The Mining of Urban Demolition Products

New Horizon Urban Mining  is a demolition firm in Amsterdam that specializes in the practice of deconstructing buildings and infrastructure and selling the building products and components for reuse in new construction.

Nearly half of the waste in the Netherlands comes from construction and demolition, yet only a minuscule portion of that waste—around 4%—is reused for residential or nonresidential building. The country, though, has set an ambitious goal to be waste-free by 2050, and Amsterdam itself plans to be building 20% of its new housing with wood and bio-based materials by 2025, and reducing by half its use of raw materials by 2030, according to the New York Times.

Michel Baars, who founded New Horizon in 2015, says he introduced the so-called cradle-to-cradle circularity model to the Dutch real estate industry when he co-owned an engineering/inspection consulting firm that was a leader in surveying and management for demolition projects. After selling that company, he recalls, “I realized I wanted to make more of an impact.” He launched New Horizon as a “risk-bearing” company for the demolition of buildings, as well as the production and distribution of building materials from “urban mining.”

His 23-employee company generates 15 million Euros (US$15.8 million) in annual revenue. On average, New Horizon demolishes 500 houses and 200,000 square meters of commercial buildings such as offices and hospitals per year. New Horizon’s clientele for recycled materials are building owners and developers.

To keep the supply pipeline flowing, Baars says New Horizon offers discounts on the cost of demolition to clients that agree to purchase recycled building products from his company and donate their demo waste to New Horizon. Baars adds, parenthetically, that rarely are clients purchasing the same materials that come from their own demo projects. “We exchange between projects and clients,” he says.

Baars doesn’t believe in owning warehouse space, so he’s worked out deals with big producers and distributors to store New Horizon’s building materials from urban mining in the same warehouses that these companies stock their own products. As the percentage of urban-mined materials becomes larger, New Horizon can more comfortably guarantee full deliveries to contractors, and even offer what Baars calls “hybrid” deliveries that combined urban-mined and newly produced materials.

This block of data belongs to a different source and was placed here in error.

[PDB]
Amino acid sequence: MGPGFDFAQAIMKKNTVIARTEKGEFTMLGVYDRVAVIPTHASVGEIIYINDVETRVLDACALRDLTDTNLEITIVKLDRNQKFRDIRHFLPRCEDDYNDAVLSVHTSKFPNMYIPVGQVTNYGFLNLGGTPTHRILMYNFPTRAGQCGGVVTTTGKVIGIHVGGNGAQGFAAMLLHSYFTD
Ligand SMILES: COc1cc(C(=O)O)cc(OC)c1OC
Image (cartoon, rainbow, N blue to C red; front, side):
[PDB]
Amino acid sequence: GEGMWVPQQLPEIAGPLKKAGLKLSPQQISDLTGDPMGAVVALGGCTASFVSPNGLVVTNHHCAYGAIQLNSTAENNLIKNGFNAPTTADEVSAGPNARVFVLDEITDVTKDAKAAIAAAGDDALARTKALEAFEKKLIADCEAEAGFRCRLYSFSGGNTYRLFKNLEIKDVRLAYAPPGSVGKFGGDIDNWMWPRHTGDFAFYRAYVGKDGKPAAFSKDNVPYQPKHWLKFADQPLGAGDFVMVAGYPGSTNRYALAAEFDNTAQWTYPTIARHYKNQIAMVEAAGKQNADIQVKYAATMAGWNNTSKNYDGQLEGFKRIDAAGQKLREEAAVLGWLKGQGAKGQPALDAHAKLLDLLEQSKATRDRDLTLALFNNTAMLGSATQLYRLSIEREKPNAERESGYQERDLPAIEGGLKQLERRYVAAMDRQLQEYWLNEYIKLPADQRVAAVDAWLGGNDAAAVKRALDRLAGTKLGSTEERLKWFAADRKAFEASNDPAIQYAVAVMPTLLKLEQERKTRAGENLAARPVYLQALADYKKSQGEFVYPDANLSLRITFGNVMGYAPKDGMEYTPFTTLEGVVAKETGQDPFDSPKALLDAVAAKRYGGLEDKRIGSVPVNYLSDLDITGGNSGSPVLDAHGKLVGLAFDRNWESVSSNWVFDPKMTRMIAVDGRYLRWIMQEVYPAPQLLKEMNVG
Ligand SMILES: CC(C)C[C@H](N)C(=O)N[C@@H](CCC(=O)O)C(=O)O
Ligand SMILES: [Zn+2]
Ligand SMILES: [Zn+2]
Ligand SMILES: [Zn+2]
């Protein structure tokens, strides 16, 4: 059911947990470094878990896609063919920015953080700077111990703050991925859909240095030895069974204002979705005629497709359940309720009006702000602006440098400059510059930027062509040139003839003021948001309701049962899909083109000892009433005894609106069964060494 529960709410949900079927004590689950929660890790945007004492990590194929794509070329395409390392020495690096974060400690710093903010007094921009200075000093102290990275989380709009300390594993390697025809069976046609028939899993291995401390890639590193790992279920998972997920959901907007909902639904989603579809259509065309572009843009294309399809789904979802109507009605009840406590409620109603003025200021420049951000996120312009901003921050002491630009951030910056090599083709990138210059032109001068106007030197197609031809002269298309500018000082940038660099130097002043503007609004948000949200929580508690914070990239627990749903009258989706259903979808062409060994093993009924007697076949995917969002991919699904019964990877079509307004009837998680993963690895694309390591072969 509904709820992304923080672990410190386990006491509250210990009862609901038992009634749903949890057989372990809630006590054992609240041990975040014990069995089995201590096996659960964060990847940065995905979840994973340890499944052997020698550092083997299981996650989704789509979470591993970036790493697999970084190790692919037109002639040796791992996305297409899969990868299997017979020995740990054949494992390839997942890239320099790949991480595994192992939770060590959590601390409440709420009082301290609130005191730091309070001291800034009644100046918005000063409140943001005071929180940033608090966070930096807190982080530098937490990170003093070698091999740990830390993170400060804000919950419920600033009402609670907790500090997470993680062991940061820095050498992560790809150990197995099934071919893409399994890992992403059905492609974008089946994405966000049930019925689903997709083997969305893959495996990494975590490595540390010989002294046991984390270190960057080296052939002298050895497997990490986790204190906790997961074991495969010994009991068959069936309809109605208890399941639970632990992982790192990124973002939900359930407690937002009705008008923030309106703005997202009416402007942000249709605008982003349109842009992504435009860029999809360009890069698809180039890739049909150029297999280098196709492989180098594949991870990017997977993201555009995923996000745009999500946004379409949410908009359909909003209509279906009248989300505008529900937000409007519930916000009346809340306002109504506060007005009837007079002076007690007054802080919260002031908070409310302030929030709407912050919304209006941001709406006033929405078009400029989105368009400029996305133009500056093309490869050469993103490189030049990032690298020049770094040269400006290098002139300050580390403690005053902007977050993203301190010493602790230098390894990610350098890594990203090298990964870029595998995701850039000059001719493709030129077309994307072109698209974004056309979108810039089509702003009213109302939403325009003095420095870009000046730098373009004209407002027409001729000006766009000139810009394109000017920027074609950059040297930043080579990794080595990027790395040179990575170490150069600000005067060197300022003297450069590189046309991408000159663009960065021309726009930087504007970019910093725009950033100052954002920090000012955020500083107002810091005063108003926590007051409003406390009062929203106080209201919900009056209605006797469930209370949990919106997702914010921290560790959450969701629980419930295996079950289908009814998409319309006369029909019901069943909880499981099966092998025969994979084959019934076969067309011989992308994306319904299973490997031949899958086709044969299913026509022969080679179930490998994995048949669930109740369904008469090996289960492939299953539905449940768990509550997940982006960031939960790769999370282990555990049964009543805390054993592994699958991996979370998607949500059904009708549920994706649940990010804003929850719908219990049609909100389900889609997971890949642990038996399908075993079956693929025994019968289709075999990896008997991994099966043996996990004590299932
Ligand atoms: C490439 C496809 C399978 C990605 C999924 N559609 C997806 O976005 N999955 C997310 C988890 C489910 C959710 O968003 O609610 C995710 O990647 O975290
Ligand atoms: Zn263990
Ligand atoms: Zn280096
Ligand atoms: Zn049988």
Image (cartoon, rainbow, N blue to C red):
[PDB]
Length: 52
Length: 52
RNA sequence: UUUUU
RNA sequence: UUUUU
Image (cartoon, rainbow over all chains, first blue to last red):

An important part of this process, Baars explains, is an analysis of the buildings it plans to demolish so that New Horizon can predict its materials yield. That effort is “much easier,” Baars adds, when the building being demolished had been constructed using prefabricated components.

Baars is convinced that circularity will make recycled building products more attractive to clients in the future because new production will be more expensive due to carbon taxes. For example, extracting and reusing gypsum from a building’s plaster significantly reduces a project’s carbon footprint because it cuts down on the amount of new gypsum that needs to be manufactured. (Baars says his method of recovery doesn’t crush the plasterboard, so it can be reused in new construction or renovation as wall systems without releasing embodied carbon.)

New Horizon also avoids most CO2 emissions associated with concrete production by reducing chunks of old concrete to a mix that can be separated into cement dust, sand, or gravel. The machines that do this are powered by solar energy, and New Horizon markets the byproduct as climate-neutral.

The company provides 150,000 cubic meters of concrete to the Netherlands’ building industry, and 250,000 tons of other materials that include sand and stone. In the coming years, Baars sees growth for New Horizon Urban Mining coming from its concrete upcycling activities.

“The impact of this materials loop, including the upcycling of ceramic materials, is big enough to make our demolition proposition highly competitive,” he says. And the bigger the scale of his demolition business, the greater the possibilities for urban mining and recycling opportunities in other materials.

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